o Track Times Today - With Bernie Dickman - Racing, Breeding, Pari-Mutuels
Track Times Today

Tuesday, July 18, 2017
Euros seem to be much better behaved . . .

    What is it that European horsemen seem to have discovered that their American counterparts haven't?

    Watching our country's races on TVG often, we constantly see fractious horses who refuse to get in the gate and have to be pushed and pulled and prodded by several assistants before they'll slip into that narrow space. Then we see the ones who go berserk waiting for the race to begin and dump their riders, often getting cast in the gate or flipping over backwards, and many times wind up being scratched. During the running of races, we see riders checking badly to avoid clipping heels, and others having to swing wide while being pushed out by the horse or horses inside, and riders standing up to avoid the two in front who have come together and closed up the hole. These are not rare examples - they are everyday occurrences.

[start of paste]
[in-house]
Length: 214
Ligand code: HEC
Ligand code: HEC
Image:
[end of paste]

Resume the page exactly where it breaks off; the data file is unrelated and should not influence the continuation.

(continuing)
TVG has given us the chance to watch the Europeans in action from many venues - Ascot, The Curragh, Sligo, Newmarket, Lingfield, Chester, Epsom, Goodwood and a host of others. If there's one thing we have taken away from this experience it's that we don't see horses acting up on the way to the gate, or having to be pushed into it, or leaping high into the air once they're in. And, no matter how many horses are in the race, often up to 20, there doesn't seem to be much checking and bumping and the like from start to finish.

    The European runners seem to be much more well-behaved than the U. S. horses, and the jockeys help the situation by not venturing into places where they don't belong.